Biden threatens U.S. sanctions after Myanmar coup, launches policy review
- 02 February 2021
U.S. President Joe Biden on Monday threatened to reimpose sanctions on Myanmar following a coup by the country’s military leaders and called for a concerted international response to press them to relinquish power, APA reports citing Reuters.
Biden condemned the military’s takeover from the civilian-led government on Monday and its detention of elected leader and Nobel laureate Aung San Suu Kyi as “a direct assault on the country’s transition to democracy and the rule of law.”
The Myanmar crisis marks a first major test of Biden’s pledge to collaborate more with allies on international challenges, especially on China’s rising influence, in contrast to former President Donald Trump’s often go-it-alone “America First” approach.
It also represented a rare policy alignment between Biden’s fellow Democrats and top Republicans as they joined in denouncing the coup and urging Myanmar’s military face consequences.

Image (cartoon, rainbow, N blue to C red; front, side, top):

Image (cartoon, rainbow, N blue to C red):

“The international community should come together in one voice to press the Burmese military to immediately relinquish the power they have seized, release the activists and officials they have detained,” Biden said in a statement.
“The United States removed sanctions on Burma over the past decade based on progress toward democracy. The reversal of that progress will necessitate an immediate review of our sanction laws and authorities, followed by appropriate action,” he said.
The Biden administration quickly launched high-level internal discussions aimed at crafting a “whole of government” response to the coup and plans to consult closely with Congress, a U.S. official later told Reuters on condition of anonymity. There was no immediate word on how long it would take to reach any decisions.
Biden also called on the military in Myanmar, which is also known as Burma, to lift all restrictions on telecommunications and to refrain from violence against civilians.
He said the United States was “taking note of those who stand with the people of Burma in this difficult hour.”
“We will work with our partners throughout the region and the world to support the restoration of democracy and the rule of law, as well as to hold accountable those responsible for overturning Burma’s democratic transition,” he said.
Suu Kyi’s National League for Democracy party won a landslide 83% in a Nov. 8 election. The army said in taking over in the early hours of Monday that it had responded to what it called election fraud.